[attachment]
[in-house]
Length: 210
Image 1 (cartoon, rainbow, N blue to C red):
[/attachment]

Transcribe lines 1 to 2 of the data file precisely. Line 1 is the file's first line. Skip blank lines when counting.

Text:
[in-house]
Length: 210